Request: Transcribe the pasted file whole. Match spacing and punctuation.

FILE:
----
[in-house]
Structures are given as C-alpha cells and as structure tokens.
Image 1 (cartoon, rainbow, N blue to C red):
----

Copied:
[in-house]
Structures are given as C-alpha cells and as structure tokens.
Image 1 (cartoon, rainbow, N blue to C red):